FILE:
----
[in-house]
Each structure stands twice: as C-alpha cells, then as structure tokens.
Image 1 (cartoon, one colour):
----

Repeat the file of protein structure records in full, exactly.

[in-house]
Each structure stands twice: as C-alpha cells, then as structure tokens.
Image 1 (cartoon, one colour):